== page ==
Interpreting the Pollutant Standards Index



Robert T. Edgar
Human Ecology Research Foundation of the Southwest, Dallas, Texas

The pollutant standards index (PSI) is a method of reporting ambient air quality across the United States on a uniform basis. The index is based on five pollutants for which National Ambient Air Quality Standards have been established. These pollutants are: Total suspended particulates (TSP), sulfur dioxide (SO2), carbon monoxide (CO), ozone (O3) and nitrogen dioxide (NO2). For each pollutant, a subindex is calculated from a segmented linear function that transforms ambient concentrations onto a scale extending from 0 through 500. One hundred corresponds to the primary National Ambient Air Quality Standards and 500 corresponds to the level which is expected to cause significant harm to the general population. The PSI is chosen as the maximum of the calculated subindexes.

The main purpose of the PSI is to present urban air quality data from across the nation on a consistent basis. However, the PSI for a particular day does not indicate the level of air contaminants to which an individual is exposed. The PSI can be interpreted as an indicator of meteorological conditions with which either high or low levels of air contaminants can occur.

An individual’s exposure to outdoor ambient air pollutants depends primarily upon his proximity to air contaminant sources and the prevailing meteorological conditions. The gasoline motor vehicle is the major source of carbon monoxide and nitrogen oxides in the United States. Coal combustion is the major source of particulates and sulfur dioxide. Ozone is a photochemical oxidant produced in the atmosphere by a mixture of nitrogen oxides, hydrocarbons, and particulates along with sunlight. Therefore, the closer an individual lives or works near a heavily traveled highway, the higher his exposure will be to carbon monoxide and nitrogen oxides. Depending on wind speeds, the highest concentration of ozone can occur many miles downwind from the urban center.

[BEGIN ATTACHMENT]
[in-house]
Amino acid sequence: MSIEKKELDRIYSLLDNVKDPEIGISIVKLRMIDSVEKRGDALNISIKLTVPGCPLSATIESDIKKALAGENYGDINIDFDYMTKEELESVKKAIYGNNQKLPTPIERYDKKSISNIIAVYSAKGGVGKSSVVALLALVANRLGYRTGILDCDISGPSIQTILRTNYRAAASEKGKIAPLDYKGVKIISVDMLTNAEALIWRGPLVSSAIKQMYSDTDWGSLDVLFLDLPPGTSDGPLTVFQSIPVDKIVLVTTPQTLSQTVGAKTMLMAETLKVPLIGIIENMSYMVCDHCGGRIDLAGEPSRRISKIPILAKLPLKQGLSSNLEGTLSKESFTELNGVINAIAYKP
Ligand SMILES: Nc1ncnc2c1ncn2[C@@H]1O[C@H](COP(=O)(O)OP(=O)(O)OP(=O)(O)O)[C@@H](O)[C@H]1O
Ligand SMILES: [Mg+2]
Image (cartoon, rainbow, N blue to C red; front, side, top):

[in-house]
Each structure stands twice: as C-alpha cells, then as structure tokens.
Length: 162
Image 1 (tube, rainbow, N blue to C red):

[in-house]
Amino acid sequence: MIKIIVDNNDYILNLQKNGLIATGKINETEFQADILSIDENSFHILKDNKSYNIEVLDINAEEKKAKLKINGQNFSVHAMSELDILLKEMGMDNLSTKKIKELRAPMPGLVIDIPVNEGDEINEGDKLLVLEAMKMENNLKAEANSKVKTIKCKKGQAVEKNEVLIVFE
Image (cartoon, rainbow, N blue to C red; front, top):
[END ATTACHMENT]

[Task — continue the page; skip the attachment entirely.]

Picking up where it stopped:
Meteorological conditions such as wind speed and atmospheric stability determine air contaminant concentrations downwind from a source. Inversions, usually radiational and subsidence types, act as a lid on air contaminants released into the air. Wind disperses pollutants with levels decreasing exponentially from the source. Precipitation, such as rain and snow, can remove some types of air contaminants from the atmosphere.

Since the PSI is based upon a small number of air quality monitors in an urban area, a high PSI level indicates that source levels along with meteorological conditions are favorable for the exposure of the population to high levels of air contaminants. However, since PSI levels are announced after the fact, their value as a warning to protect people from high levels of air contaminants can be questioned.